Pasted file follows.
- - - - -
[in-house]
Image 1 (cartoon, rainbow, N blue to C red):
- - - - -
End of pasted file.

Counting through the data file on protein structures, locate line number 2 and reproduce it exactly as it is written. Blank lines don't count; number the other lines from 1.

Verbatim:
Image 1 (cartoon, rainbow, N blue to C red):